To sustain success in sport, athletes need to function effectively in their competitive encounters and maintain this level over repeated events. Yet, to date, little is known about how athletes can continue to fully function (i.e., thrive) in their sporting encounters. Equally, there is a lack of research in relation to the factors that predict thriving. Testing the premise that basic psychological needs (i.e., for autonomy, competence, and relatedness) predict optimal functioning, the aim of this study was to provide the first longitudinal examination of thriving in sport. Sport performers (N = 268) completed questionnaires assessing thriving and basic psychological need satisfaction on three occasions across 28 days. Longitudinal structural equation modeling showed thriving to be highly predicted by both the experience of recent thriving and the perceived satisfaction of basic psychological needs. These findings highlight an important mechanism through which coaches and practitioners can initiate and maintain thriving in the athletes that they work with across a series of sporting encounters.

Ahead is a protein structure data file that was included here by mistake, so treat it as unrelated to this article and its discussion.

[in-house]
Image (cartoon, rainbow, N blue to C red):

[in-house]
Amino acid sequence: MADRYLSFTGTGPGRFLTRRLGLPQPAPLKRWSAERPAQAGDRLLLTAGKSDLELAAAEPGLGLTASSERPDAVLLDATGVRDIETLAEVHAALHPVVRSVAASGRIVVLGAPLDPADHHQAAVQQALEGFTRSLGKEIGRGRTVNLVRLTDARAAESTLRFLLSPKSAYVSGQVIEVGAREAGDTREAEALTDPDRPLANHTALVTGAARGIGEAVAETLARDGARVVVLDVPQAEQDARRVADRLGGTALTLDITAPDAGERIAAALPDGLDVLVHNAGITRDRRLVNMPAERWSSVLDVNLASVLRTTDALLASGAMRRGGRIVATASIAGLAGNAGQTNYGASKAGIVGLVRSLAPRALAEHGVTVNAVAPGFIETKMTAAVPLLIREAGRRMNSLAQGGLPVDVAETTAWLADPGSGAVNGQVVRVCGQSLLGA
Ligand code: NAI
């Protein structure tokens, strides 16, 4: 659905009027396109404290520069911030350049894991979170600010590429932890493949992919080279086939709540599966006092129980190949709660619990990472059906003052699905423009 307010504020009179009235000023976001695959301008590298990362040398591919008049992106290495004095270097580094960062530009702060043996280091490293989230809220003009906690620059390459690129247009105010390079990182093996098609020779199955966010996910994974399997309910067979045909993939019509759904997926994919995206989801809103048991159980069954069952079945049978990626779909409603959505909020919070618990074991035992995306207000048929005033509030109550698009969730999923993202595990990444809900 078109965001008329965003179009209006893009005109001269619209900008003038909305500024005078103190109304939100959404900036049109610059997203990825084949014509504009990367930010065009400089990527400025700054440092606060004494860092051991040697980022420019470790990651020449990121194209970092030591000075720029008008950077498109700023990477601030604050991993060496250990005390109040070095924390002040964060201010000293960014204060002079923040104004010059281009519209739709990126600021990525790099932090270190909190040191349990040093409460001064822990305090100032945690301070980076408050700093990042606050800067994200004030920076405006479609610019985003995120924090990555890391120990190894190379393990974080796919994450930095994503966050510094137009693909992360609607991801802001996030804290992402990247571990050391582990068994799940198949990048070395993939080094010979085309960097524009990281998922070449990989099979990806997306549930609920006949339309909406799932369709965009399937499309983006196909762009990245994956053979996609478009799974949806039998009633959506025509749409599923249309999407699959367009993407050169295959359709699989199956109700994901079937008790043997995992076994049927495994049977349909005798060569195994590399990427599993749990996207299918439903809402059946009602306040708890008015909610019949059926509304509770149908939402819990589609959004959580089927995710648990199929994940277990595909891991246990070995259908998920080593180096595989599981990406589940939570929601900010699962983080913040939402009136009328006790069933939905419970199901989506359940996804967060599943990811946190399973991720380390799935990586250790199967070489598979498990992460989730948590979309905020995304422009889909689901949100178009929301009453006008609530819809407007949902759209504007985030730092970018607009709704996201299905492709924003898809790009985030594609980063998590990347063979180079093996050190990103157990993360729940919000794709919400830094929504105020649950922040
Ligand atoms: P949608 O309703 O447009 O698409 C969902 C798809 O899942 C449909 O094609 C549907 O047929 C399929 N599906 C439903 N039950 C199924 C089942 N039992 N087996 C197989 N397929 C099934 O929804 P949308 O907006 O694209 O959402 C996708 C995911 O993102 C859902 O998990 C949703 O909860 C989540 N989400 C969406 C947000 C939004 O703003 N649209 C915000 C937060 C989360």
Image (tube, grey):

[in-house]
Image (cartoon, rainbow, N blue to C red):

- basic psychological need satisfaction